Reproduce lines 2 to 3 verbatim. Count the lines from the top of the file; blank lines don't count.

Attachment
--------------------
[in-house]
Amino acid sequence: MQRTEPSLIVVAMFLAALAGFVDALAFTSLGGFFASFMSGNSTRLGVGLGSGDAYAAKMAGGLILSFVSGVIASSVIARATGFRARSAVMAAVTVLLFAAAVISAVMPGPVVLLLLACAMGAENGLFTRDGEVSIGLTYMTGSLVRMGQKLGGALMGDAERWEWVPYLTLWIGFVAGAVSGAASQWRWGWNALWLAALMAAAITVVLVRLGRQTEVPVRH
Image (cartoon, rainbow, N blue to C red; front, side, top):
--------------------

Amino acid sequence: MQRTEPSLIVVAMFLAALAGFVDALAFTSLGGFFASFMSGNSTRLGVGLGSGDAYAAKMAGGLILSFVSGVIASSVIARATGFRARSAVMAAVTVLLFAAAVISAVMPGPVVLLLLACAMGAENGLFTRDGEVSIGLTYMTGSLVRMGQKLGGALMGDAERWEWVPYLTLWIGFVAGAVSGAASQWRWGWNALWLAALMAAAITVVLVRLGRQTEVPVRH
Image (cartoon, rainbow, N blue to C red; front, side, top):